With Game 1 of the NBA Finals less than 24 hours away it’s time to talk about two of the biggest injuries heading into Cleveland-Golden State IV. He initially injured his left knee/left lower leg in Game 3 of the Western Conference Finals.
While there was some optimism he would play in the Western Conference finals against Houston, he has not played since and his injury has sparked debate what’s the cause of his injury and ultimately does it affect the outcome of the upcoming series. Golden State has provided an update for him yesterday and officially ruled him out of Game 1 of the NBA Finals.
Official release from the Warriors on Andre Iguodala’s status: pic.twitter.com/6CF374WHFE
— Marc Stein (@TheSteinLine) May 30, 2018
While the former finals MVP isn’t available for Game 1, it doesn’t sound as though he’s entirely loss for the series.
With his lower leg injury it’s being classified as a bone bruise (contusion) with associated nerve inflammation.
There are many nerves that innervate the area around the knee. Whether it’s a motor nerve or a sensory nerve there is a fair amount of innervation around the knee. If you look at the video closely, it appears that the lateral part of his left knee smacked Harden’s knee. If the location is accurate then the nerve in question is most likely the Common Fibular Nerve.
Most likely in the first few days following his injury, the goal of care is to get the inflammation down around the knee and to rule out any major structural issue, usually done with an X-ray (to rule out bone) and an MRI (to rule out soft tissue).
He is getting electrical motor stimulation (EMS) and a lot of manual work done to his knee. It’s not a matter of making sure he has his range of motion in his knee or doing entry-level knee rehabilitation. It’s can he play basketball. The issue isn’t shooting (as seen below), it is about his ability to run and slide defensively. Can his knee stand up to the rigors of the stresses of cutting and needing to slide and react? We don’t know. But that’s what you’re making sure he can do.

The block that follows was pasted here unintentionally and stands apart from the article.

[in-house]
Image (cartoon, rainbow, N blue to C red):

Rehabilitation of athletes cannot be treated with your standard quad sets and short arc quads or your isometric knee flexion exercises. But you’re loading his knee in the single-leg stance, his ability to shift weight from leg to leg, and be able to jump and land without pain.
Decent sign for the Warriors: Andre Iguodala is out here on the court post-shootaround pic.twitter.com/7W2k6p420r
— Anthony Slater (@anthonyVslater) May 24, 2018
So where do I come into play? I’m doing a lot of the manual work on his knee. Hoping to eliminate the “nerve entrapment” if there is one. We’re working the soft tissue such as: quadriceps, hamstrings, popliteus, and the knee capsule. The goal of treatment is to get pain down, decrease swelling, and get him back on the court as soon as possible.
I believe he is going to play in this series, if required. I think it’s most likely he returns for Game 2 or Game 3 when they travel to Cleveland.
— Bleacher Report NBA (@BR_NBA) May 30, 2018
He recently mentioned to Bleacher Report “he’s not too far away.” He has acknowledged the recovery process has been slower than anticipated, he does believe he will return soon…
Andre Iguodala to @TheAthletic on availability for The Finals: "I don't know"
-Pressed further: "I'm trying"
-Optimistic? "I'm optimistic I'll be alive tomorrow."
-On the pain: "They say it could go away just like that one day."
-Bone bruise? "if that's what they say, then yes"
— Anthony Slater (@anthonyVslater) May 29, 2018